By Monica Alonzo
By Ray Stern
By New Times Staff
By Stephen Lemons
By Chris Parker
By Monica Alonzo
By Stephen Lemons
By Robrt L. Pela
Bobby Ayala has a tendency to get lost behind campaign honchos Dan Wooten and Jim Cozzolino.
Ayala is quiet and slow with responses, preferring to chew on his thoughts for a while before speaking. He reads from notes when talking about issues. He seems to be struggling with voice modulation and gesturing, the tricks of public speaking.
Both Wooten and Cozzolino, though, are wily, loquacious and charismatic. If Ayala wins, it will be because of their energy and political savvy.
That's if they're still in his campaign. Late last week, according to Cozzolino, both he and Wooten were considering leaving Ayala's campaign because of the possibility of financial impropriety.
Bearup has turned over to New Times documents showing Ayala received more than $6,500 from a female drug informant who, Bearup says, came to Bearup claiming to be Ayala's spurned lover. Ayala denies he was romantically involved with the woman and says the money was a loan he was to pass on to a mutual friend.
"I admit it didn't look good," Cozzolino says.
Some of Arpaio's detractors now are accusing Cozzolino of being an Arpaio plant sent to destroy Bearup's and Ayala's campaigns, a claim Cozzolino vehemently denies. Cozzolino admitted that he occasionally trades e-mails with Arpaio spokesperson Lisa Allen, but that the e-mails are not friendly.
"I tell her her boss is an idiot, she tells me he's not," he says. "Look, Arpaio is a bigger scumbag than Bearup."
Also, some in the law enforcement community argue that Ayala doesn't have the high-level management experience needed to run such a massive department. Ayala counters that he has plenty of management experience because he led investigative teams in several difficult and far-reaching investigations.
When allowed to talk issues, Ayala is an earnest guy with a passion for human rights and the plight of street-level deputies and detention officers. And with a few Toastmaster luncheons under his belt, Ayala could have great sway with the county's burgeoning minority community, which tends to have a more realistic view of Arpaio.
Ayala, a native of south Phoenix, was hired as a deputy sheriff in 1970. During his 30 years with the department, he served as a patrol officer, homicide investigator, district detective and undercover narcotics investigator. Ayala was a key investigator in several high-profile cases such as the 1988 homicide of Deputy Vernon Marconnet.
He was twice nominated for the department's "Deputy of the Year" award and was twice recognized as "Deputy of the Quarter."
He speaks Spanish fluently.
If elected sheriff, Ayala says he would downsize the command staff, reduce the number of civilian vehicles, get rid of Hendershott and install high-tech communications devices in every cruiser. He, too, would order an extensive audit of the department's books, review jail policies and funding toward the goal of better protecting detention officers and the civil rights of prisoners. He says he'd also boost manpower and resources to attack Maricopa County's burgeoning methamphetamine industry. Ayala says that by misallocating resources, Arpaio has allowed the county to become a major meth center.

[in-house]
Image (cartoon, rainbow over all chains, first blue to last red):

His slogan: Arpaio is "Missing in Action," a stab at Arpaio putting publicity stunts before solid law enforcement and safe, efficient detention.
Ayala is canvassing Phoenix's Latino communities. He says he is hearing a growing frustration with Arpaio's mistreatment of staff and pretrial detainees. He hopes he can parlay this widespread discontent into November votes.
"We really believe people are sick of his games," Ayala says. "We just have to get those people out to vote."
That and get Bearup out of the race.
"No doubt he creates problems for us," Wooten says. "He's splitting the vote."
Wooten says he went to Tom Bearup because he was appalled at the way Joe Arpaio trampled civil rights and ignored the legal parameters of the office. He says he then became disillusioned with Bearup and came to believe Ayala was the best alternative to Arpaio, although he's not so sure of that anymore.
Their departure, some say, may be the best thing that could happen for Ayala's campaign. Both Wooten's and Cozzolino's campaign tactics, as well as their dubious pasts, cast a pall over Ayala.
Wooten doesn't pay federal income taxes because he believes they are unconstitutional and are not allowed under the federal tax codes. To his credit, he offers up a very convincing argument. Ayala says he has no problems with Wooten's political views.
Wooten says he served as a liaison between the FBI and militia and other fringe groups during the siege at Ruby Ridge. He says he was not an FBI informant as some have claimed. He says he was there to ensure that the federal government didn't trample on the rights of its citizens.
Wooten sees this race as his opportunity to make a name for himself as a campaign manager.
"Hey, if I get the most known sheriff in America, my stakes go up," he says.
Jim Cozzolino came back from Vietnam "angry," which, he says, explains all the burglary and forgery charges that dot his record through the 1970s. Cozzolino was convicted of two burglaries and two forgeries that were reduced to misdemeanors and dismissed when he sought law enforcement certification. He was a stupid, angry kid who made some mistakes, he says. But that's not him anymore.
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